LOL Warren! You think that the one which I posted is a lot of work, and you want me to fly 3 systems with 3 teams? 192 mile training toss? Didn't you use to tell us not to listen to Rotondo because a 1st toss of 50 miles is like throwing babies to the wolves? Can't have it both ways now. I do agree though, it would be a lot of work. My mentor also goes with the theory they don't need to be taught to find home. He told me that he almost never trains, just flags them as you mentioned. Said he would not hesitate sending a bird to a 400 mile race if he had been flag flown and was in shape to go, whether he had been down the road or not. I don't think I would go that far with it, but we get the point. To be completely honest, from an athletes perspective I never liked being forced to do something (this is flag flying for pigeons) but conditioning never bothered me as long as I didn't realize it was conditioning (this is training flights for a pigeon, they are out seeing new areas). Kind of like I don't mind running now as long as the scenery changes, but man I hate running on the tread mill!!!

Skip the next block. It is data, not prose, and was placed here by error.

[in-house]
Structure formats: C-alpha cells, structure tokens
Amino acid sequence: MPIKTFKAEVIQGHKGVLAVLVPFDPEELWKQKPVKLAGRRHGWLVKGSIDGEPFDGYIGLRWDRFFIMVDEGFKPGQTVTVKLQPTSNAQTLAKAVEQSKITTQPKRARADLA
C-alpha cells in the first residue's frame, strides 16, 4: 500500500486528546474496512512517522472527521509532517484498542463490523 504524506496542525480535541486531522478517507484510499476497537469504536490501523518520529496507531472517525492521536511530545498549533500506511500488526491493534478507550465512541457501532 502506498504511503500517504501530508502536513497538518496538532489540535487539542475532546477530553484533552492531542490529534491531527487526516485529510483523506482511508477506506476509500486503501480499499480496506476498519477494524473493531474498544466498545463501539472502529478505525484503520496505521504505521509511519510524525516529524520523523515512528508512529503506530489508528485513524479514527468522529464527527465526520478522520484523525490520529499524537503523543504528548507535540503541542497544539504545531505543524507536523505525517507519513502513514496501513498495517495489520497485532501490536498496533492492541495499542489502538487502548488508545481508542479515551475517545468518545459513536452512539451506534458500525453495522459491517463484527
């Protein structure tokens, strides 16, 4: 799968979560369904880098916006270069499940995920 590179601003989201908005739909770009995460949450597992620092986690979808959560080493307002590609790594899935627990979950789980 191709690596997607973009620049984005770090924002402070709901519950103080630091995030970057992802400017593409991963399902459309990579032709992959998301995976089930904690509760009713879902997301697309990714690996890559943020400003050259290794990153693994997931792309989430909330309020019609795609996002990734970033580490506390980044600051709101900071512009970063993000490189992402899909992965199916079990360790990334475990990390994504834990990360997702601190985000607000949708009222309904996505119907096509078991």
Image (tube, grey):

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SmithFamilyLoft SmithFamilyLoft is offline
Posted 29th November 2010, 10:06 PM
Join Date: Nov 2004
Country: United States
Posts: 5,367
Yeah, that's the problem with posting your ideas in a thread like this. People will go back and point out things where it might appear that you just contradicted yourself.